“We feel that cutting the budget is definitely not going to cut it this time,” said Jan Gilbert, a PLAN lobbyist who represents more than 40 member groups. “This is not a far-out proposal. We need money. We feel we need to improve funding for education and human services.”
“The budget has been cut and cut and cut,” said Julia Ratti of the Human Services Network, which has 60 member groups. “From our standpoint, there just is no place left to cut, no place left to go. … Just to begin, to recoup last year’s 3 percent across-the-board cuts, just to get that back would be $16 million [in money for social services]. Maybe that’s not a lot, but those are people that this is impacting.”
No one is asking for “optimal” state services. The best many hope for is “adequate.” And the only hope for “adequate” is not only to make up for an anticipated $700 million shortfall in state revenue that would retain the pathetic level of services offered now, but to make enough money to increase spending a bit so that state services can inch their way toward improvement.
The crux of the anti-tax argument splits into two streams of argument. The first is simple: “We’re Nevadans, gol-durnit, and we don’t like to pay taxes.”
The slightly more sophisticated argument is that throwing money at a problem won’t make it better. That’s the point of view of such groups as the Nevada Policy Research Institute, a think tank that boasts of a political philosophy that leans about as far to the right as you can get without shaving your head, burning crosses or joining the Independent Americans.
“The most fundamental issue facing this legislature is whether [state legislators] will actually address the real sources of the state’s financial embarrassment,” said Steven B. Miller, NPRI policy director. Miller is not a lobbyist, though he will testify at the Legislature when asked. “It’s not that we’re not paying enough taxes. The real problem is that, some years ago, the brakes came off our fiscal vehicle and it’s been rolling downhill ever since.”
Miller’s basic argument boils down to the concept that, sometime in the ‘60s, governmental mucky-mucks began to steal their way into Nevada’s lawmaking apparatus, turning to obscene government spending that did more to feed a giant bureaucracy than it did to help the people.
Nowadays, at least during the 1999 session, 28 of Nevada’s 63 lawmakers, Miller said, were public employees or married to them.
“They have different incentives, different orientations,” he said. “For regular taxpayers, a tax cut puts money in their pockets. [The lawmakers] see money taken out of their pockets. … They think a government program is the solution to every political ill. Others look at needs in society and see these as something that maybe a business or private enterprise could meet.”
One leader in the anti-tax camp is Nevada Assemblyman Bob Beers, who earlier this month released a list of “enhancements"—$918 million of what he calls additional spending approved in the past three legislative sessions—that he proposed cutting.
This left folks at PLAN shaking their heads.
“Despite these so-called enhancements, we’re still at the rock bottom of every list you’d care to see,” said Jon Sasser of Washoe Legal Services, a PLAN member. He referred to recent studies and news releases that show Nevada as 51st (including the District of Columbia) in the nation for Medicaid expenditures. And the recent Children’s Advocacy Alliance report that gave Nevada a D- for health programs for children and an F in education.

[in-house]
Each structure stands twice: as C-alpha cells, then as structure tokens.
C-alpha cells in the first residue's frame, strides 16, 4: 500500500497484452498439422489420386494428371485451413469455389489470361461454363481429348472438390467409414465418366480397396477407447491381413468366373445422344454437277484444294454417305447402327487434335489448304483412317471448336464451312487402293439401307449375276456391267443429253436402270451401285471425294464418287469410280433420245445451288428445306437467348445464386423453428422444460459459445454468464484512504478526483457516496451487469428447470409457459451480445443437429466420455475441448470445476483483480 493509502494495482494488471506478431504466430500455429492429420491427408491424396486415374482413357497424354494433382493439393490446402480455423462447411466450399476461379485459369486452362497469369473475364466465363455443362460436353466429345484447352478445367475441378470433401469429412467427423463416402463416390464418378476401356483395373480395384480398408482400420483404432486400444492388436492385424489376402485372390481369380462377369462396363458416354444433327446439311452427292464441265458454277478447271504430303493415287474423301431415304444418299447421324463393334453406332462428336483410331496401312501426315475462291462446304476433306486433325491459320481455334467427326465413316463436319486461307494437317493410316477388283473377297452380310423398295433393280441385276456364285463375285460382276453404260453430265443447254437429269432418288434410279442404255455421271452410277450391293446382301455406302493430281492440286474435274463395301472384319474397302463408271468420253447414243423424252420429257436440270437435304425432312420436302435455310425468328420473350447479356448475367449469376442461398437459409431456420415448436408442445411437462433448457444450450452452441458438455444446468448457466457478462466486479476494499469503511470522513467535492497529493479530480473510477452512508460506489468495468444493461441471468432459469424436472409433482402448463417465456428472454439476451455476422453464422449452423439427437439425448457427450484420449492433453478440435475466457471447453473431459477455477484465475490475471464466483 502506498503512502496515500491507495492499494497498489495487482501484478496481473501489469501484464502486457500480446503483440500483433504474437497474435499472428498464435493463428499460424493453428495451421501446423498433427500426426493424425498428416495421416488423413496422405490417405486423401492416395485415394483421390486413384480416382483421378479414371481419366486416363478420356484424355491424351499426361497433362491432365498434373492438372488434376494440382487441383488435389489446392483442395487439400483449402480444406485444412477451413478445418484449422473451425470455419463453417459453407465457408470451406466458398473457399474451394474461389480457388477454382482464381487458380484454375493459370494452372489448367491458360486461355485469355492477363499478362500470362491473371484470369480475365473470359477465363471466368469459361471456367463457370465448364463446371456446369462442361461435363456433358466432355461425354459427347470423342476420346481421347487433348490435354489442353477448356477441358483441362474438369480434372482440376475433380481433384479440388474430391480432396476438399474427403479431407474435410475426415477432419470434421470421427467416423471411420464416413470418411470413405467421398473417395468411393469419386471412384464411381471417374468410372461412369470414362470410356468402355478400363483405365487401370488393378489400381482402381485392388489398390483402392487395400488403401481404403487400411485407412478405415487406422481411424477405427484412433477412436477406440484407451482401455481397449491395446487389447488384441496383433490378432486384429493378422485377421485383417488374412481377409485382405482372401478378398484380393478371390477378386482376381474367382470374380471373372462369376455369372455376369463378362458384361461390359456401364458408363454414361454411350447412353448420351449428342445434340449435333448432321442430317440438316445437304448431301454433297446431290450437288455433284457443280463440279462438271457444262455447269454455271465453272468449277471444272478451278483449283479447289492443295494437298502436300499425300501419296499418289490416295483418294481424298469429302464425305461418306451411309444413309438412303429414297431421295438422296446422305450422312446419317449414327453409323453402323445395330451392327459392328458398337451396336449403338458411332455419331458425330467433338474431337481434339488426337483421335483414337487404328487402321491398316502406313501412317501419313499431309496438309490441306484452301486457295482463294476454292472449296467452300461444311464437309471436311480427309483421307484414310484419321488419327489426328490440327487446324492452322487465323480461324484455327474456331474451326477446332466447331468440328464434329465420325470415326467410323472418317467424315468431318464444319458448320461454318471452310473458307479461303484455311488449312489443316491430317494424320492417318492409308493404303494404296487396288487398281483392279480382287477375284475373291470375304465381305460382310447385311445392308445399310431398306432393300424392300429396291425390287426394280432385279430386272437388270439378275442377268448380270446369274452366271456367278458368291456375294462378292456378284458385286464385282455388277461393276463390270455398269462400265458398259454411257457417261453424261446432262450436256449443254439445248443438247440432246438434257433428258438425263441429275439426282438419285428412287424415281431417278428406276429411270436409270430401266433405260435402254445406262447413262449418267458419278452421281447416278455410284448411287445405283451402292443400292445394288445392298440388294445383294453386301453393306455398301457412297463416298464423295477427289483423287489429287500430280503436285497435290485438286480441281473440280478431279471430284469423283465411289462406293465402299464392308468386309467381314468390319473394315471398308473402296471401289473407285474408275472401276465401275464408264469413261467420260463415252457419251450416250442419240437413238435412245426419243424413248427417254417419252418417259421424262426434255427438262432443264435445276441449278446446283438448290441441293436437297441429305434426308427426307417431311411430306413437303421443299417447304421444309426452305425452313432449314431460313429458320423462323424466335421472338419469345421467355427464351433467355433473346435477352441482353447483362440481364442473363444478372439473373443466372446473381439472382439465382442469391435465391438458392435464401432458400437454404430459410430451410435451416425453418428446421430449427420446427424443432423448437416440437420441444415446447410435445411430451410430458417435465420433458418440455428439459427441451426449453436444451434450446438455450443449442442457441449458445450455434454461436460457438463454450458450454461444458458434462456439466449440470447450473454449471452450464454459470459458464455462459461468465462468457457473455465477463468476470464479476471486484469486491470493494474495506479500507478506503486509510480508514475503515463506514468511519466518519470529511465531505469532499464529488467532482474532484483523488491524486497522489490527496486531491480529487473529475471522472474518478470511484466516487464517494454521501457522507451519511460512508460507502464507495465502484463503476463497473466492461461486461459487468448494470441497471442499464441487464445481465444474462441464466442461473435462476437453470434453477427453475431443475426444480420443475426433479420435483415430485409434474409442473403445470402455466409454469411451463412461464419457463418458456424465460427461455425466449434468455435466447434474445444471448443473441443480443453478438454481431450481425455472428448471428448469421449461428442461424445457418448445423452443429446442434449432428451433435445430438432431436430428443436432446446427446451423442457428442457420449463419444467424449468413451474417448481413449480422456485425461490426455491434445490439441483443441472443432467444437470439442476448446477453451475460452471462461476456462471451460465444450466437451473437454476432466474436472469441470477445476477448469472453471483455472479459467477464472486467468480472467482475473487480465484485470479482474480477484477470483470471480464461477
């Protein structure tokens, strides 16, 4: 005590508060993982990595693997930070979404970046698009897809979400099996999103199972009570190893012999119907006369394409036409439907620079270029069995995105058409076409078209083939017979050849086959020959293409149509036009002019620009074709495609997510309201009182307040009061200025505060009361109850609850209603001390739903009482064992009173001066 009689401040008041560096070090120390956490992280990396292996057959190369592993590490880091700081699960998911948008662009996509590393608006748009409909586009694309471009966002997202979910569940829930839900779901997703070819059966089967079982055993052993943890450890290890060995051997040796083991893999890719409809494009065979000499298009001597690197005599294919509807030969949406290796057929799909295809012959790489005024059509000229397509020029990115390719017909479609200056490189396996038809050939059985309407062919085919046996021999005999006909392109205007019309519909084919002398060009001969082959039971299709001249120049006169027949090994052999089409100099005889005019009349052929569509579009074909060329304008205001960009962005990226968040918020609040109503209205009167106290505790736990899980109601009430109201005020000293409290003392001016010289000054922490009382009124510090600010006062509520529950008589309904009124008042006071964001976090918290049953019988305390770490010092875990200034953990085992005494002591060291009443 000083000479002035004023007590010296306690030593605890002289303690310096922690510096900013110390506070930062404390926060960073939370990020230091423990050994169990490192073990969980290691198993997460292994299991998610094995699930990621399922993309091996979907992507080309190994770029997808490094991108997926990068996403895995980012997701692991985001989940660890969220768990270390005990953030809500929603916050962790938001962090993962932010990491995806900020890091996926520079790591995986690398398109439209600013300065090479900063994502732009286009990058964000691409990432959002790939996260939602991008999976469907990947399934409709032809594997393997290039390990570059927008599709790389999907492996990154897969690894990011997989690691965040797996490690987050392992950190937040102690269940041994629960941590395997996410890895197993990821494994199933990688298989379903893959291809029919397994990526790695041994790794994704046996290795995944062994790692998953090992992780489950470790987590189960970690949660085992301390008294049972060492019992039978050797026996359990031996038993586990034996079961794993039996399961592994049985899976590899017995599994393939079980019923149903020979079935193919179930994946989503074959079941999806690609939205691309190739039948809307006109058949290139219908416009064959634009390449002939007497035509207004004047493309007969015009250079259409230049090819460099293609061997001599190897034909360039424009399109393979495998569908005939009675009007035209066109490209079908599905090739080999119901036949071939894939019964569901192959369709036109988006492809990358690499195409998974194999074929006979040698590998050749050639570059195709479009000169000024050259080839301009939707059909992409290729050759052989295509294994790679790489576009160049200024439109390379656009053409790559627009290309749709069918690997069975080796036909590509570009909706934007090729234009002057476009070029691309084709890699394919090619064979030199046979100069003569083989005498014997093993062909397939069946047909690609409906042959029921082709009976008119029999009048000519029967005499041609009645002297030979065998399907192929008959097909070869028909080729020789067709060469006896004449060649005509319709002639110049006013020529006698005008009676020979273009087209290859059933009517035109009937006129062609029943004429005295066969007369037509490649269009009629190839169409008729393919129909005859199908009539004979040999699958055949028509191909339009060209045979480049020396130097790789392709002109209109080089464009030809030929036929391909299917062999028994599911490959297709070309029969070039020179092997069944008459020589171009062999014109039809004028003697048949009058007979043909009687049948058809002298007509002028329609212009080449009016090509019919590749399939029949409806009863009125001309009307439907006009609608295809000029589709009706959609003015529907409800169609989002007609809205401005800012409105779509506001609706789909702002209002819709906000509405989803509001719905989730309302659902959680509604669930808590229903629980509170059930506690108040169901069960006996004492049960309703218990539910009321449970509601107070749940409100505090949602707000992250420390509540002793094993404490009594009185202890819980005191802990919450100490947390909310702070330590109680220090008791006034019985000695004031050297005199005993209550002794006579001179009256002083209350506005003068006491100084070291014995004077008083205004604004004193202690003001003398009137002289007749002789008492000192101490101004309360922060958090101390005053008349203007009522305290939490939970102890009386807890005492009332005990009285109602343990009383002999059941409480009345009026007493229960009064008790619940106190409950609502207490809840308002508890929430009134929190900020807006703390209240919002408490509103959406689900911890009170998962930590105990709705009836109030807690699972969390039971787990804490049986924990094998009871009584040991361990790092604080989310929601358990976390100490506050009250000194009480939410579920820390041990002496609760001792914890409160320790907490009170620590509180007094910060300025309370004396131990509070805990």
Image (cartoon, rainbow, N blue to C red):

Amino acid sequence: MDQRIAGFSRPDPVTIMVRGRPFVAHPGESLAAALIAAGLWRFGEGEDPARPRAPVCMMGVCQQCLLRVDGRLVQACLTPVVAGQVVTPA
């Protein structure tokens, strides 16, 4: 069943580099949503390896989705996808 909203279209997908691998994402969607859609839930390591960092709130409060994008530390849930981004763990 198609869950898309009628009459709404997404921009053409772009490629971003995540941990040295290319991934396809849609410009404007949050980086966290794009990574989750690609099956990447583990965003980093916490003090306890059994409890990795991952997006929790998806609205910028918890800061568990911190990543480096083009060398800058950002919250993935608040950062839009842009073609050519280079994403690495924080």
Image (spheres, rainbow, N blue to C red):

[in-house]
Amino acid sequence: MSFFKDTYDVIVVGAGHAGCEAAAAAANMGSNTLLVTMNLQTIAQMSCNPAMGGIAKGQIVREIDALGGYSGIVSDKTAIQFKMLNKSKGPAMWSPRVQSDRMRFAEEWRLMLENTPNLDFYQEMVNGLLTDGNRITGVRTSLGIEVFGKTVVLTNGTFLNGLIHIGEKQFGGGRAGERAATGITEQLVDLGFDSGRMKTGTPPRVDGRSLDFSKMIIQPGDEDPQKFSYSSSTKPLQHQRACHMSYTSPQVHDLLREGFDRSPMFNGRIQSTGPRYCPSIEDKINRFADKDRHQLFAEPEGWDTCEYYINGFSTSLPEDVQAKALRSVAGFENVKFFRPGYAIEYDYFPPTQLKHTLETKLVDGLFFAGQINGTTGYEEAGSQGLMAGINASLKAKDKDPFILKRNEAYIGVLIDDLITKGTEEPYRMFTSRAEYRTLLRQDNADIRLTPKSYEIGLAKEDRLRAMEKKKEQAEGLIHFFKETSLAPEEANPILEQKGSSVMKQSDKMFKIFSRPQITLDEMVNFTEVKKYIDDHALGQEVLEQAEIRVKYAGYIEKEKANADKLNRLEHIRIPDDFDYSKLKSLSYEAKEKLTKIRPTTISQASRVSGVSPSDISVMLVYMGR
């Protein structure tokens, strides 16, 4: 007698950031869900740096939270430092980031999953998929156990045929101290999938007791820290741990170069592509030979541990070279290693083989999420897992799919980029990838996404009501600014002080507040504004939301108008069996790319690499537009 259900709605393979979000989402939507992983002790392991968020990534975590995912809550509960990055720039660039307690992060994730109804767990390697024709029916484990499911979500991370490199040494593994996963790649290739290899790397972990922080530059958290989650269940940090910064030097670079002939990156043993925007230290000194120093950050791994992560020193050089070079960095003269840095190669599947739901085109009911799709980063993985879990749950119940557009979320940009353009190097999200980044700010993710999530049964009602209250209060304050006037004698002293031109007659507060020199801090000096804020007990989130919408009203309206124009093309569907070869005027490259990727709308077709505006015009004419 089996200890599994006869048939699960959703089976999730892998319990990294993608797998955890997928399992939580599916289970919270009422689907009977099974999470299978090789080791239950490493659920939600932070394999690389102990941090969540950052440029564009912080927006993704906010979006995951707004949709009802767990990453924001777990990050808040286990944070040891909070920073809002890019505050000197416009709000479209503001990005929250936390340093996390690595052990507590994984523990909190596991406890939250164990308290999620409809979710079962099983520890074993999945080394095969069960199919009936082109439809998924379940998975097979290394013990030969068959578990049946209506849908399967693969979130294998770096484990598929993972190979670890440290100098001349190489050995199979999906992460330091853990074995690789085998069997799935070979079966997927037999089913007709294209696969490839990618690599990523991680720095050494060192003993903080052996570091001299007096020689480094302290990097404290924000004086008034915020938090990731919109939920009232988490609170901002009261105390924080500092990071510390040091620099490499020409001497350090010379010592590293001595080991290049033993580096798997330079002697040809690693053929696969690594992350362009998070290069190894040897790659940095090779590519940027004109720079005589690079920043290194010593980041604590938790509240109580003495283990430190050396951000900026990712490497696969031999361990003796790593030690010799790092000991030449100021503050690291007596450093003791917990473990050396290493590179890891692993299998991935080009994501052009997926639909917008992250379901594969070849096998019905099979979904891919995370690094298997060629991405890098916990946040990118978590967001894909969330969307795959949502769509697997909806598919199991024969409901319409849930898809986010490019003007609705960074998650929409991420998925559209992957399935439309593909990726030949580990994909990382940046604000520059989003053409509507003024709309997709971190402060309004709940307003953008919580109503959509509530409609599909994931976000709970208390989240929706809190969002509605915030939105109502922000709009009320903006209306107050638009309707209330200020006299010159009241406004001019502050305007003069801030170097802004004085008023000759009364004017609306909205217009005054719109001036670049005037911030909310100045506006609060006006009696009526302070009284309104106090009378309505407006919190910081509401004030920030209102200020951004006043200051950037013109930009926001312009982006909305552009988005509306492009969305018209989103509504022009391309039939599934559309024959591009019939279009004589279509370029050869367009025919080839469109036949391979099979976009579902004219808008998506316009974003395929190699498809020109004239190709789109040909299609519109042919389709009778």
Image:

“We’re getting Ds and Fs on services for kids,” Sasser said. “Get rid of those enhancements, and we’re back to the Stone Age.”
PLAN argues it’s high time businesses start paying their fair share. The tax proposal they’ve prepared to introduce to the Legislature includes a 5-percent tax on all business profits over $50,000 and a 6.8 percent investment tax for those with incomes over $100,000.
In 46 other states, business profits or income is taxed, PLAN contends. But not in Nevada. And Nevada is one of only four states that don’t collect a corporate income tax.
“Out-of-state corporations such as Wal-Mart and Bank of America are paying virtually no state taxes in Nevada. … They pay these taxes in other states and remain profitable,” a report by PLAN states.
“The taxes we’re looking at are geared toward large businesses,” Gilbert said. “They won’t hit low- and middle-income people.”
Bob Fulkerson of PLAN was even more vehement: “We feel the Wal-Marts of the world should be paying their fair share, and they’re not.”
The governor, in his budget, put in plugs for all-day kindergarten in at-risk schools and the continuation of signing bonuses to attract competent teachers. These are just a couple of facets of a proposal called “iNVest: Investing in Nevada’s Education, Students and Teachers,” a funding and accountability plan put together by Nevada’s 17 school district superintendents to introduce the concept of “adequate” funding for schools to the state Legislature.
To start with, the plan asks the Legislature for about $85.4 million—just to make up for the money cut from Nevada’s schools in the past three legislative sessions. Then, to provide basic support to the schools, iNVest calls for building annual inflationary costs into the district budgets and increasing funding for textbooks and supplies by about $50 per kid (enough to buy about one book or a tiny fraction of a new computer). That’s another $80 million and change.
You remember the cuts Washoe County had to make in March, right? New buses, textbooks, the Talent Academy, sex ed, driver’s ed and a popular music program for fifth-graders ended up on the block. Kids were added to high school classrooms to make ends meet. Across-the-board budget cuts complicated everything from purchasing classroom supplies to hiring janitors to clean the toilets.
This fiscal year wasn’t the first time the Washoe County School District had to cut its spending. Despite skyrocketing enrollment and overcrowded conditions in many schools, most county school districts in the past three legislative sessions have been faced with a funding gap that doesn’t keep pace with growth. In Washoe County, the disparity was $1.6 million for 2001-02 and another $8.5 million for this fiscal year. Northern Nevadans got off much easier than Clark County, a.k.a. Las Vegas, which was stiffed about $37.9 million in 2000-01, $15.3 million in 2001-02 and another $6.4 million this fiscal year. That left little money to address a teacher shortage of crisis proportions there.